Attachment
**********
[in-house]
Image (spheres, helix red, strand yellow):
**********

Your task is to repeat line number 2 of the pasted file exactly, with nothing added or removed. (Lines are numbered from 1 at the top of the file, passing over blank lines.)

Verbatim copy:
Image (spheres, helix red, strand yellow):